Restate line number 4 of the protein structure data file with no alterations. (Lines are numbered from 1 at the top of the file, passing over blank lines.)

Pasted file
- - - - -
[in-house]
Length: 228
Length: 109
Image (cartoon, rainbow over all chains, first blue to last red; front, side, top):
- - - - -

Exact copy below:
Image (cartoon, rainbow over all chains, first blue to last red; front, side, top):